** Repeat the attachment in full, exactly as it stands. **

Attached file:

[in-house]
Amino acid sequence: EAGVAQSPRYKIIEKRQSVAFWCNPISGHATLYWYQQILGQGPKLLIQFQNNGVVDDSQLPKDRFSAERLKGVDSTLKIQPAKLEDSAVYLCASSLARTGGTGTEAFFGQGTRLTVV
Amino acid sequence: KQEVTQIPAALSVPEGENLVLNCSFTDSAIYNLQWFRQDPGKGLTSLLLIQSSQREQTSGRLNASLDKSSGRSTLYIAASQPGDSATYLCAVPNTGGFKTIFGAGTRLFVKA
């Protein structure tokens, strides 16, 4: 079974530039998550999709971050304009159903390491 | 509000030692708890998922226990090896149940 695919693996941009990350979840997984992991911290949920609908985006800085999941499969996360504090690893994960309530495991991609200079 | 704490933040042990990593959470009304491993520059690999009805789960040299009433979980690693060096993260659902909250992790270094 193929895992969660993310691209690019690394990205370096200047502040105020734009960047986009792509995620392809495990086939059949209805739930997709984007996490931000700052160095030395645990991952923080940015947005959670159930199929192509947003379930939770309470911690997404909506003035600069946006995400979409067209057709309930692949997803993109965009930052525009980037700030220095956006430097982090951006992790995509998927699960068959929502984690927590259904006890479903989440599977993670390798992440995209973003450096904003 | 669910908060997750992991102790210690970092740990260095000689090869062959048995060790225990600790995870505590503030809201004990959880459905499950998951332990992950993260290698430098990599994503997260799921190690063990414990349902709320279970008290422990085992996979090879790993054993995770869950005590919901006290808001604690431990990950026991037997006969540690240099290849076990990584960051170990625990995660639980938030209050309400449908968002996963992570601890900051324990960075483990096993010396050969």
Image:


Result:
[in-house]
Amino acid sequence: EAGVAQSPRYKIIEKRQSVAFWCNPISGHATLYWYQQILGQGPKLLIQFQNNGVVDDSQLPKDRFSAERLKGVDSTLKIQPAKLEDSAVYLCASSLARTGGTGTEAFFGQGTRLTVV
Amino acid sequence: KQEVTQIPAALSVPEGENLVLNCSFTDSAIYNLQWFRQDPGKGLTSLLLIQSSQREQTSGRLNASLDKSSGRSTLYIAASQPGDSATYLCAVPNTGGFKTIFGAGTRLFVKA
């Protein structure tokens, strides 16, 4: 079974530039998550999709971050304009159903390491 | 509000030692708890998922226990090896149940 695919693996941009990350979840997984992991911290949920609908985006800085999941499969996360504090690893994960309530495991991609200079 | 704490933040042990990593959470009304491993520059690999009805789960040299009433979980690693060096993260659902909250992790270094 193929895992969660993310691209690019690394990205370096200047502040105020734009960047986009792509995620392809495990086939059949209805739930997709984007996490931000700052160095030395645990991952923080940015947005959670159930199929192509947003379930939770309470911690997404909506003035600069946006995400979409067209057709309930692949997803993109965009930052525009980037700030220095956006430097982090951006992790995509998927699960068959929502984690927590259904006890479903989440599977993670390798992440995209973003450096904003 | 669910908060997750992991102790210690970092740990260095000689090869062959048995060790225990600790995870505590503030809201004990959880459905499950998951332990992950993260290698430098990599994503997260799921190690063990414990349902709320279970008290422990085992996979090879790993054993995770869950005590919901006290808001604690431990990950026991037997006969540690240099290849076990990584960051170990625990995660639980938030209050309400449908968002996963992570601890900051324990960075483990096993010396050969």
Image: